The Society of Women Engineers National conference is essentially just a giant carnival for engineers. About 11,000 women and a much smaller proportion of men congregated in Philadelphia, PA for four days to network, learn, and celebrate the achievements of so many women who are changing the world.
The conference was a nice wake-up call about how other collegiate sections operate across the country. It turns out that despite having an engineering school with just 900 undergrads, we have a massive SWE section. We have 21 people on our executive board, about 35 people that show up to our meetings regularly, and a network of almost 100 people who show up to the events. While talking to other college students, I was so proud to share that we sent 20 people to this conference! Our group spent a lot of time fundraising so that we could afford to fully fund everyone. It paid off; we won the Outstanding Collegiate Section Award at the Gold level meaning we are one of the top 15 sections in the country!
On Wednesday morning, we loaded 20 people into two Ford Expeditions and one SWEet minivan and drove 6 hours to Philadelphia. While we were there, we visited the Liberty Bell, ate Philly cheesesteaks, and had a great dinner with SWE alumni who also attended the conference. After those drives, some long walks, a lot of laughs, and a couple profound conversations about our futures, I feel much closer to all of those fabulous ladies.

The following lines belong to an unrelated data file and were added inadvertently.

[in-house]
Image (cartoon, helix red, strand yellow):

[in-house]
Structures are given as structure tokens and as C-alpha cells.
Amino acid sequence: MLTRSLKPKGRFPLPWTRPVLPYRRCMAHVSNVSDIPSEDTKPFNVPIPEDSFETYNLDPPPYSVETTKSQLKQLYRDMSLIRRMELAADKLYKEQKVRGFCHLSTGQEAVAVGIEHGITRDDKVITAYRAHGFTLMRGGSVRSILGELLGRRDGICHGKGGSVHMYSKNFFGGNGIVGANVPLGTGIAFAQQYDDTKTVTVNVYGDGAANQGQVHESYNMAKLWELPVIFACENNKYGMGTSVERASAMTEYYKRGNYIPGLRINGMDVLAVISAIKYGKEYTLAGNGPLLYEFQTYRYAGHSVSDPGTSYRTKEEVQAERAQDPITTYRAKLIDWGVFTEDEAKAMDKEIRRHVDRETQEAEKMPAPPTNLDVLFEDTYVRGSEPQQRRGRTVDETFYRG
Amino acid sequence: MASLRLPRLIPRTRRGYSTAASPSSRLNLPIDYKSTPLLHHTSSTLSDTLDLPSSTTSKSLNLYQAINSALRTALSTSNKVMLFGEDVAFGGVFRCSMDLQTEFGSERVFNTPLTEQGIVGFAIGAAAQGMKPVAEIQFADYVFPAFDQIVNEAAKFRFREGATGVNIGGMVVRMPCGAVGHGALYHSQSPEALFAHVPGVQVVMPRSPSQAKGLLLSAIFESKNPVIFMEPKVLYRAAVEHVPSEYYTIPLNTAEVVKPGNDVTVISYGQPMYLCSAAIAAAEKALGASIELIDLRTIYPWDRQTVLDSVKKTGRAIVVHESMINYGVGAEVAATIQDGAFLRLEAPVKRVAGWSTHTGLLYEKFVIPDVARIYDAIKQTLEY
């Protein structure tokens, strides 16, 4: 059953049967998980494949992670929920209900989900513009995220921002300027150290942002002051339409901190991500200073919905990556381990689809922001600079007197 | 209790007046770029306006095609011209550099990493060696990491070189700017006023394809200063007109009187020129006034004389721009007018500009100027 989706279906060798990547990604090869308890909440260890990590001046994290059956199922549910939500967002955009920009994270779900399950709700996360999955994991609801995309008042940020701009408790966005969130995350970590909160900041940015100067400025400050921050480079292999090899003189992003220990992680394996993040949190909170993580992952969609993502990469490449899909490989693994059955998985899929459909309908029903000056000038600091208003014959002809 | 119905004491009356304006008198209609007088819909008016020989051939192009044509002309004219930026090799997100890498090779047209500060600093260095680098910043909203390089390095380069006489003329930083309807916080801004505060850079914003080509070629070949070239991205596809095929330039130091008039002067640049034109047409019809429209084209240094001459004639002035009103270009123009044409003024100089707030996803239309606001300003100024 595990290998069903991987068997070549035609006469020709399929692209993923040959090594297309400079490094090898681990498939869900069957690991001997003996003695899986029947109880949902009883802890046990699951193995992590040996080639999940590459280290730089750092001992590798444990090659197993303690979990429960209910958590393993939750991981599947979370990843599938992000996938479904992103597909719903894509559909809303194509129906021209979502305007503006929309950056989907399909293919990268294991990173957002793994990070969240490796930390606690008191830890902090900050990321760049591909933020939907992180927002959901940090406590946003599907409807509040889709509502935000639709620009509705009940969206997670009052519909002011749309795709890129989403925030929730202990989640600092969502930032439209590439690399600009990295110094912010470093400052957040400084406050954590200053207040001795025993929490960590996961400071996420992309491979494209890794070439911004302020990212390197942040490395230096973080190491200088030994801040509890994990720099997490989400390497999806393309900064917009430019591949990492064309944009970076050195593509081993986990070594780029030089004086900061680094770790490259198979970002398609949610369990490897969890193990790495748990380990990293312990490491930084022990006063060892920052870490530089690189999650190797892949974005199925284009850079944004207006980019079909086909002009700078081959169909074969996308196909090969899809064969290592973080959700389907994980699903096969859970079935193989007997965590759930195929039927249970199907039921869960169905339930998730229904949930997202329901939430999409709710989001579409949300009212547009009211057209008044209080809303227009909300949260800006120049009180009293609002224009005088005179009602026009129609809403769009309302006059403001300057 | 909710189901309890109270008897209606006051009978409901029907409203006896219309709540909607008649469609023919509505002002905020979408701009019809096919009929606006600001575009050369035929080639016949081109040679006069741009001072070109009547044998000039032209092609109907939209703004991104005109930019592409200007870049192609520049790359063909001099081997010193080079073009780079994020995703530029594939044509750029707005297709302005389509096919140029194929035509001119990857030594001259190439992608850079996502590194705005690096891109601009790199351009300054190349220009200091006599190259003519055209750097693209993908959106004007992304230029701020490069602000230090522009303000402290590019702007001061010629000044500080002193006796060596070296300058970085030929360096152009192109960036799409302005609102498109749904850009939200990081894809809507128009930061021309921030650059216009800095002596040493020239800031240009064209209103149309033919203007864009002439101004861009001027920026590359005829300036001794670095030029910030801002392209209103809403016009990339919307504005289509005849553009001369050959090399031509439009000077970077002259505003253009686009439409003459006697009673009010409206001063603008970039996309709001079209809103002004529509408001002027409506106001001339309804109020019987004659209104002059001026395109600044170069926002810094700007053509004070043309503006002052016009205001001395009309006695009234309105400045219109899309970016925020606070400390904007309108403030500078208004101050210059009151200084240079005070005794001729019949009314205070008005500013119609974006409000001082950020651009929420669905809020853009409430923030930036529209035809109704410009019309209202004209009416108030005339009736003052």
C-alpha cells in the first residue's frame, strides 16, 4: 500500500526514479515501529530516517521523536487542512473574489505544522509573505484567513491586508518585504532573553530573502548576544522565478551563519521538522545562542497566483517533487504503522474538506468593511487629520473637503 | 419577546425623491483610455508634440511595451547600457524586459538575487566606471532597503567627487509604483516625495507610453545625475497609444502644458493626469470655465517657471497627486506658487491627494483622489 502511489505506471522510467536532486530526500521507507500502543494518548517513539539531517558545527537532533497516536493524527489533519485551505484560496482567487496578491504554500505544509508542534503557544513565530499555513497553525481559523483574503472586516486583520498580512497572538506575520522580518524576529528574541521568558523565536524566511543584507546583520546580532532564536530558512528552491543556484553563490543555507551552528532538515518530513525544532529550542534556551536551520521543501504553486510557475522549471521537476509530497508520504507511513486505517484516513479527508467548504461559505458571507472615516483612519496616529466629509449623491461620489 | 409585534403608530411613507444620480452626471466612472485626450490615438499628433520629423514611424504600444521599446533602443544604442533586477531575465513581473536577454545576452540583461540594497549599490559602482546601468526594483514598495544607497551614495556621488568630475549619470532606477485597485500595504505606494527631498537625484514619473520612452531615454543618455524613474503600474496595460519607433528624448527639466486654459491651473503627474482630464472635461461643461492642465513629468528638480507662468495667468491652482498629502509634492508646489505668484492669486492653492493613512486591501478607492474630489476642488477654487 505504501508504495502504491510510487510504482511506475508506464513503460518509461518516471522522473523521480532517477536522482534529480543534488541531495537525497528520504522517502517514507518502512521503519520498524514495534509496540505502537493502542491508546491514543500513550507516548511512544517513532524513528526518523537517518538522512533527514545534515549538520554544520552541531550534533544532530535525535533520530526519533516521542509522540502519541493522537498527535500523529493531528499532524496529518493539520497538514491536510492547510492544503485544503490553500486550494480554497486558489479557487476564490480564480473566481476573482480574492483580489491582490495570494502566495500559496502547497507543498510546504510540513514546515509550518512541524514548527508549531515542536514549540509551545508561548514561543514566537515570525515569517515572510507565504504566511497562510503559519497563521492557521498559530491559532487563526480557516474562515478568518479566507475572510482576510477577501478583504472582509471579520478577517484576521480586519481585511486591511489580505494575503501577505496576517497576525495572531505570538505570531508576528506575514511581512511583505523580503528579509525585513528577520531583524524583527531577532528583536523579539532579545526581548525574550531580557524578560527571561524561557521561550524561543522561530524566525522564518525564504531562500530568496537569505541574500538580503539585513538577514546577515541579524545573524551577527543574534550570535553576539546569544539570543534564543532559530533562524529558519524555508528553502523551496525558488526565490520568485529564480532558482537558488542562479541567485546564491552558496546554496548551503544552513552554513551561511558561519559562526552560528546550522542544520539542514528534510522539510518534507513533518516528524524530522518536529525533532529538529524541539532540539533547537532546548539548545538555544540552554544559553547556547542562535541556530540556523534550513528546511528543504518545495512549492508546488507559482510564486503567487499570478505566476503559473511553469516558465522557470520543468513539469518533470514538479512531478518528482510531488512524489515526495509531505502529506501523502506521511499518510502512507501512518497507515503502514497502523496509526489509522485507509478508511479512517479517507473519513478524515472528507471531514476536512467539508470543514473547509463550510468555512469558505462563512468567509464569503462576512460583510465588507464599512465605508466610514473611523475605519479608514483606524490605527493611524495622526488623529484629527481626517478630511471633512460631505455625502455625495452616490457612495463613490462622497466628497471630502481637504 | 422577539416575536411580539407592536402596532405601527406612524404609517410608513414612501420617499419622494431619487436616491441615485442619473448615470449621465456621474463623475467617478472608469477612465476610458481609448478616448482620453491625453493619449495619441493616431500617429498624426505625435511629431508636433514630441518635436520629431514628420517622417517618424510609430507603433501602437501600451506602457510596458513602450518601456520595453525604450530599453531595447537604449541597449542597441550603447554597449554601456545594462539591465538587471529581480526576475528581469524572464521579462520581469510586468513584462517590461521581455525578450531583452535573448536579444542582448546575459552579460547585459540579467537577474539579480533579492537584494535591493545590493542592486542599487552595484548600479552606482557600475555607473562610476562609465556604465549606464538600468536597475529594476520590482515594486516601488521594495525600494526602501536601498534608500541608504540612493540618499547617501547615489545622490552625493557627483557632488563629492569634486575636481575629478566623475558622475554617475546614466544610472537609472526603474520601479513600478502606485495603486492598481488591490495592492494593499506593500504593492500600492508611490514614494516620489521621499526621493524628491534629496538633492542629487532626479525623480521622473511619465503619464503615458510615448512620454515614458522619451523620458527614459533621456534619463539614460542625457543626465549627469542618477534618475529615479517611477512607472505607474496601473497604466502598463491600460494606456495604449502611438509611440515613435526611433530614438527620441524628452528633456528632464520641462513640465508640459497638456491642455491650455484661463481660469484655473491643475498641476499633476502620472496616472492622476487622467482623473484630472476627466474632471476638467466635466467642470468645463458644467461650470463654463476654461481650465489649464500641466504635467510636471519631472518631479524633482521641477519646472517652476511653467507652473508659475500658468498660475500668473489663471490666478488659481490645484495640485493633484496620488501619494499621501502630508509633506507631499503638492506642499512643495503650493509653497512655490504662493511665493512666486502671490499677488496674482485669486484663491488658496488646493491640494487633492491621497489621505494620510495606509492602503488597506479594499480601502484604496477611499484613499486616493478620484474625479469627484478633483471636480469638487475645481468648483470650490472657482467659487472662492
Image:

It also alerted to me about the different options that are available beyond just mechanical engineering. There were consulting, finance, and marketing roles, some really cool rotational programs, lots of aerospace companies, and many consumer products companies. These companies recruit hundreds of people and some of them come to the Tufts career fair, but the scale of this career fair is probably bigger than most others in the world.
If you asked me two months ago what I think about career fairs, I would tell you that I would rather hide in the corner. I’m an extroverted person but something about figuring out my future really paralyzes me. Then, I went to the Tufts career fair in September and realized that a simple conversation with an employee is not as difficult as I made it out to be.
After five interviews, a couple sessions, and lots of chit-chat, I was much more invigorated about what exists outside of Tufts. The community for female engineers at Tufts is strong, but I was worried about life outside of Tufts where there is a much smaller proportion of women engineers. The good news is technology companies have made a lot of strides over the past 50 years, although there are still some implicit biases that many industries need to overcome. Encouraging and supporting female engineers throughout all stages of their career will help solve that. The network nurtured by groups like SWE makes me optimistic that we'll get many more female engineers in the future.